Post  Nuada on Tue Feb 10, 2009 10:34 pm

Forgive my ignorance but what is this SkQs that is mentioned in the article? And since hair loss is related to senescence, does this mean that skqs can do something about it?

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An attempt to prevent senescence: A mitochondrial approach Empty Re: An attempt to prevent senescence: A mitochondrial approach

Post  CausticSymmetry on Wed Feb 11, 2009 4:51 pm

Nuada - SkQ's are a very potent, synthesized antioxidant that combines a positively charged ion linked with petroleum based substance.

Think of this stuff as a "super" Ubiquinol (Active Co-Q10), but it would have to be proven safe for human use.
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An attempt to prevent senescence: A mitochondrial approach Empty Re: An attempt to prevent senescence: A mitochondrial approach

Post  MikeGore on Sun Sep 16, 2018 1:38 am

Hi,

I have recently heard a lot about SkQ1, and wondering what further thoughts you have about it? Is it currently available to buy and is it safe for human consumption? Also, is this thing natural?

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An attempt to prevent senescence: A mitochondrial approach Empty Re: An attempt to prevent senescence: A mitochondrial approach

Post  CausticSymmetry on Sun Sep 16, 2018 1:07 pm

MikeGore wrote:Hi,

I have recently heard a lot about SkQ1, and wondering what further thoughts you have about it? Is it currently available to buy and is it safe for human consumption? Also, is this thing natural?

From what I've heard it's a mixed experience so far.

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An attempt to prevent senescence: A mitochondrial approach Empty Re: An attempt to prevent senescence: A mitochondrial approach

Post  magic_gro on Fri Apr 12, 2019 3:54 pm

wouldn't methylene blue already be an awesome mitochondrial antioxidant way better than CoQ10?
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An attempt to prevent senescence: A mitochondrial approach Empty Re: An attempt to prevent senescence: A mitochondrial approach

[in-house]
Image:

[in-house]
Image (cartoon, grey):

Post  CausticSymmetry on Tue Apr 16, 2019 9:38 am

magic_gro wrote:wouldn't methylene blue already be an awesome mitochondrial antioxidant way better than CoQ10?

Methylene blue is something not to use casually for a few reasons. It's not a one size fits all treatment. Here are a few reasons aside from a wide number of side-effects I will not mention here.

Methylene blue due to its monoamine oxidase (MAO) inhibiting property may precipitate potentially fatal serotonin toxicity at doses >5mg/kg and rarely can cause severe anaphylactic shock.

Methylene blue is contraindicated in patients who have developed hypersensitivity reactions to it and in severe renal (kidney) insufficiency. It is relatively contraindicated in G6PD deficient patients as it can cause severe hemolysis and also in patients with Heinz body anemia.

Methylene blue is a MAO inhibitor and therefore can interact with selective serotonin reuptake inhibitor (SSRI) and MAO inhibitors to cause serious serotonin toxicity.

It also interacts with dapsone and forms hydroxylamine which oxidizes hemoglobin causing hemolysis.

Vitamin K2 possess higher antioxidant activity than Co-Q10 (on that note, quite a large number of things do). Lipoic acid will generate (or increase CoQ10 levels).

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An attempt to prevent senescence: A mitochondrial approach Empty Re: An attempt to prevent senescence: A mitochondrial approach

Post  Southbeach on Sat Apr 20, 2019 3:24 pm

CS- Out of curiousity, how do you think skQ's stack up against Nicotinamide Riboside ?

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An attempt to prevent senescence: A mitochondrial approach Empty Re: An attempt to prevent senescence: A mitochondrial approach

Post  CausticSymmetry Today at 2:57 pm

Southbeach wrote:CS- Out of curiousity, how do you think skQ's stack up against Nicotinamide Riboside ?  

No idea, would have to research it. But for what it's worth, I'm not too sold on NR being that more superior to regular niacin. At least for now, there's no evidence that it outperforms it enough to be worth the expense.